The Climate Risks of an Overreliance on Natural Gas for Electricity (2013)

October 2013
A transition from a coal to a natural gas-dominated electricity system would not be sufficient to meet U.S. climate goals. Renewables and efficiency must play a major role.

Natural gas is a fossil fuel. It produces heat-trapping carbon dioxide when combusted, and generates other global warming emissions when it leaks during extraction and distribution through pipelines.

As a result, shifting the U.S. from a coal- to a natural gas-dominated electricity system would still generate substantial global warming emissions — and fail to effectively address the growing dangers of climate change.

Natural gas does have a role to play in the U.S. power supply, but an overreliance on natural gas over the long-term will not achieve the emissions reductions needed to address global warming. Instead the U.S. must invest in achieving a low-carbon electricity future by generating more electricity from renewable energy sources and improving energy efficiency.

The U.S. is currently moving towards a natural gas-dominated electricity system

  • The U.S. electricity sector is experiencing its biggest transformation in half a century as power companies retire many aging, economically uncompetitive coal-fired power plants. In 2008, coal generated 48 percent of the nation's power. In 2012, it provided only 37 percent.
  • Natural gas is replacing most of this coal-fired power. From 2008 to 2012, the amount of electricity generated from natural gas increased more than 50 percent.
  • If current trends continue, natural gas is projected to account for nearly two-thirds of U.S. electricity by 2050.

A natural gas-dominated electricity system has significant climate risks and does not represent a long-term solution to global warming

  • The electric power sector is the largest contributor to U.S. global warming emissions and currently accounts for approximately one-third of the nation's total emissions. To limit some of the worst consequences of climate change, the U.S. needs to cut power sector carbon emissions 90 percent from current levels by 2050, as recommended by the National Research Council (NRC).
  • If the U.S. continues on its current path toward a natural gas-dominated electricity system, the electricity sector would generate up to three times the NRC's recommended amount of carbon emissions.
  • There are also other heat-trapping gases associated with natural gas beyond its smokestack carbon emissions. The drilling and extraction of natural gas, and its distribution in pipelines, also results in the leakage of methane — a primary component of natural gas that is 25 times stronger than CO2 at trapping heat.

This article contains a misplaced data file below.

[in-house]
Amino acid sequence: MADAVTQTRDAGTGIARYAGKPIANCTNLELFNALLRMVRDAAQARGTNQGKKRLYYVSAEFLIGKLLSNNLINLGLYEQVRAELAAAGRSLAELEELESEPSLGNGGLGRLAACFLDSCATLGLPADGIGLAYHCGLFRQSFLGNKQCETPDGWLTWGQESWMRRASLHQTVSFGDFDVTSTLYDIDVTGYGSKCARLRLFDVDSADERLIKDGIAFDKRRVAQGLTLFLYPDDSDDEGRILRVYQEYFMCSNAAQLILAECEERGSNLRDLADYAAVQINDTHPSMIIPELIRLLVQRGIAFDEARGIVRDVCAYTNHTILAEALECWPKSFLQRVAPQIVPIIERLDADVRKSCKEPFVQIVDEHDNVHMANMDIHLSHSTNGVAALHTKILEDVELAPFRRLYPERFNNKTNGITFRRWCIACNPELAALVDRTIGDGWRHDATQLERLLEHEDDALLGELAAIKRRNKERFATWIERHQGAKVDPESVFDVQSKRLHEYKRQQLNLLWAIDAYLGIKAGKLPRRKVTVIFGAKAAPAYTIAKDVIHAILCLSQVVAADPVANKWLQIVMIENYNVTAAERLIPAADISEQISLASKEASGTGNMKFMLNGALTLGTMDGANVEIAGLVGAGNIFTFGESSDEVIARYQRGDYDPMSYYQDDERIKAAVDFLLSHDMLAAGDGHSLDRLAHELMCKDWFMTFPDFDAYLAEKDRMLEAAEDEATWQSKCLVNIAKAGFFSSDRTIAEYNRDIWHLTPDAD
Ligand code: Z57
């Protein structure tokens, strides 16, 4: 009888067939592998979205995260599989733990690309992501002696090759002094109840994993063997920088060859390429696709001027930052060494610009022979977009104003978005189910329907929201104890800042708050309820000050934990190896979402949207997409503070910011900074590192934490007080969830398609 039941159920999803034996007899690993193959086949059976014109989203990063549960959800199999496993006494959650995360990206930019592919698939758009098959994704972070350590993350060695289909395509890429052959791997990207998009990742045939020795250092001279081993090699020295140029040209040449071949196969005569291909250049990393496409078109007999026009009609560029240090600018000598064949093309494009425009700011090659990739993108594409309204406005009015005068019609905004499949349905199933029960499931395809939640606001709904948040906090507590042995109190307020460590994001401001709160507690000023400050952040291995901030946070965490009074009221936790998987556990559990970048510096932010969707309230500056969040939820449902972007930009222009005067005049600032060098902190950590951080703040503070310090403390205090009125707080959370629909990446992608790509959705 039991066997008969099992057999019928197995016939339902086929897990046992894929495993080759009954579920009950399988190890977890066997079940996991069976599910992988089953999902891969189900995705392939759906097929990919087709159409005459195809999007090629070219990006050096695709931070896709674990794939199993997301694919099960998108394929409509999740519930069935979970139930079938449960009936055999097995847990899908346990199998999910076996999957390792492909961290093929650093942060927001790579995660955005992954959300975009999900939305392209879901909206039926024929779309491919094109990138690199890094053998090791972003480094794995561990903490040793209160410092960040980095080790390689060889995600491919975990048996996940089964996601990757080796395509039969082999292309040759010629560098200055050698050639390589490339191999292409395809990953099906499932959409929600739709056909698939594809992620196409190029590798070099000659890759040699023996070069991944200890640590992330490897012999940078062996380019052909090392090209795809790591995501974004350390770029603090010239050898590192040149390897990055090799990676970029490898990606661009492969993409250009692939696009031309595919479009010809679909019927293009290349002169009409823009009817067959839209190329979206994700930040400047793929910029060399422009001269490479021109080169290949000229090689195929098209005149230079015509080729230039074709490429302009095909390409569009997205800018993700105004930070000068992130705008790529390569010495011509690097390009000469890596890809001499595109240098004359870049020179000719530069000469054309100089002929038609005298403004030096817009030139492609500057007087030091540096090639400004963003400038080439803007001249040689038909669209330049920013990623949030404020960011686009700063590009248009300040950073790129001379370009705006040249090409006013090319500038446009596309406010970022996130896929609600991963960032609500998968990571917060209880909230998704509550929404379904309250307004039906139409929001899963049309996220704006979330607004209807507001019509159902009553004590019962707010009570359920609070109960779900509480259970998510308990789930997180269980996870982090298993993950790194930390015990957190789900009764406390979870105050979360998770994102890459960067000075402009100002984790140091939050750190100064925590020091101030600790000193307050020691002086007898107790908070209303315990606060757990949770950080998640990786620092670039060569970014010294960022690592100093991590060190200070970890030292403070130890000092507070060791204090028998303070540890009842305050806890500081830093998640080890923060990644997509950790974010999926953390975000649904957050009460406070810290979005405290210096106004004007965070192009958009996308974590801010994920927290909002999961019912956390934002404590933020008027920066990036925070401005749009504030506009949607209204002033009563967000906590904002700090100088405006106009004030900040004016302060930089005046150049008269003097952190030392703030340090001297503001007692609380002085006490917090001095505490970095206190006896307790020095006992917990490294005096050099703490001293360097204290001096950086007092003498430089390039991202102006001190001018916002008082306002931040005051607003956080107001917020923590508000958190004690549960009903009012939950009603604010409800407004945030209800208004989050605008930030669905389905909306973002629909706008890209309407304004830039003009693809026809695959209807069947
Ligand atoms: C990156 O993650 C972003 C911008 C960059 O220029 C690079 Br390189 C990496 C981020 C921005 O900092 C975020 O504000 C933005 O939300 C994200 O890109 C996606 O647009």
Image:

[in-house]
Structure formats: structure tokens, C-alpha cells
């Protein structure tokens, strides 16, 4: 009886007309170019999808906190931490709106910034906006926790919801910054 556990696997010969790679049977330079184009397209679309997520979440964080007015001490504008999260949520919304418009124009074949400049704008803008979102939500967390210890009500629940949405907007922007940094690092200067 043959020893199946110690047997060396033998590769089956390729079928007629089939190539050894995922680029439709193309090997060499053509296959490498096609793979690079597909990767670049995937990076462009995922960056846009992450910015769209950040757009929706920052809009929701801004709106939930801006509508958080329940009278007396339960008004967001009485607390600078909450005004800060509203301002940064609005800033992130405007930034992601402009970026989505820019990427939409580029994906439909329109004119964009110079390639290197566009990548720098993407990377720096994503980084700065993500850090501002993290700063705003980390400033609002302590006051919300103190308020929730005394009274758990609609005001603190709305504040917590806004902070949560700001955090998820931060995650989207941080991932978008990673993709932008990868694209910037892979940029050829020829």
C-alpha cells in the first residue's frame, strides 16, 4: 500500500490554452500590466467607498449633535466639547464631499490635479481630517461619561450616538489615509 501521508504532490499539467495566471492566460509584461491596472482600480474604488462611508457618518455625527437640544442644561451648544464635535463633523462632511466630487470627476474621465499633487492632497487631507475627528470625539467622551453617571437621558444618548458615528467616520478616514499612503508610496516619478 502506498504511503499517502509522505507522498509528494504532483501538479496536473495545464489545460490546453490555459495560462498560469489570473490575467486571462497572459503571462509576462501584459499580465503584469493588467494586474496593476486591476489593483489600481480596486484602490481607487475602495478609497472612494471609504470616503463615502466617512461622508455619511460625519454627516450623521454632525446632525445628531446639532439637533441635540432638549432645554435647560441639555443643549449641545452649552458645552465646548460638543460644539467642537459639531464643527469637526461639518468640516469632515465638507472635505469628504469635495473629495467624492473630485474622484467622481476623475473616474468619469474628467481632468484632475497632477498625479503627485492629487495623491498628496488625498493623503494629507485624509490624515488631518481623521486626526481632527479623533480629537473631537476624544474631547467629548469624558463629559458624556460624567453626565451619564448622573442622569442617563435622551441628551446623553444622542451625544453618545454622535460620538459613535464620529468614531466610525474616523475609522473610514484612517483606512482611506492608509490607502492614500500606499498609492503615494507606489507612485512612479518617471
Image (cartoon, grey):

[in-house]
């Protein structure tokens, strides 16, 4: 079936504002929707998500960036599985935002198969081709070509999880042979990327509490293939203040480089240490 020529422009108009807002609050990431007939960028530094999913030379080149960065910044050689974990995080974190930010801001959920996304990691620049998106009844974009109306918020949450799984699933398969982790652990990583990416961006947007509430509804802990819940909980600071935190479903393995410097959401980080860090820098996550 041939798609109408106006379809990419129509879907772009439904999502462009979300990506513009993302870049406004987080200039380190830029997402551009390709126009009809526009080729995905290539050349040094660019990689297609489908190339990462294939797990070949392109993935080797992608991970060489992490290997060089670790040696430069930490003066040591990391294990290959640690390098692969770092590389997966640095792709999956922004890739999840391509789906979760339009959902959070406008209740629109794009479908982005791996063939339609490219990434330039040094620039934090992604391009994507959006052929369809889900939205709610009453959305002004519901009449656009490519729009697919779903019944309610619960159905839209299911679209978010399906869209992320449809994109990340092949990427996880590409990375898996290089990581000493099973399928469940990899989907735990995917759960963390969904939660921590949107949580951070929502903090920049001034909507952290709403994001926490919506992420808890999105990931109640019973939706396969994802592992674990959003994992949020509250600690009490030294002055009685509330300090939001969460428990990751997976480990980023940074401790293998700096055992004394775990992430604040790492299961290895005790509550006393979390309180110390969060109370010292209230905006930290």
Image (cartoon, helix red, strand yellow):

An appropriate role for natural gas in a low-carbon electricity system

  • While simply replacing coal with natural gas is not an effective long-term climate strategy, natural gas does offer some advantages in the near to intermediate term, and it could play a modest role in a clean energy future.
  • For example, burning natural gas instead of coal results in immediate public health and environmental benefits, given that natural gas emits much lower amounts of soot and smog-forming pollutants, and no appreciable levels of mercury, arsenic, and other toxic substances.
  • Because natural gas generators can be ramped up and down quickly, they can help support the integration of variable renewable resources, contribute to a reliable electricity supply, and be utilized quickly during periods of extremely high electricity demand.

To effectively address global warming, the U.S. must invest in expanding renewable energy and improving energy efficiency 

  • Renewable energy sources, such as wind and solar power, generate little to no global warming emissions and, together with improved energy efficiency, play an essential role in developing a low-carbon electricity system.
  • To meet the NRC's carbon budget for the power sector, the U.S. needs to invest heavily in energy efficiency and increase renewable energy's share of the total power supply to 25 percent by 2025 and 80 percent by 2050.
  • In order to meet these goals, the U.S. needs to establish smart policies that move the nation toward a low-carbon electricity future, including enacting strong federal standards for power plants, adopting strong state and federal clean energy policies, strengthening regulations for natural gas hydraulic fracturing, and creating a level playing field for all low-carbon technologies.
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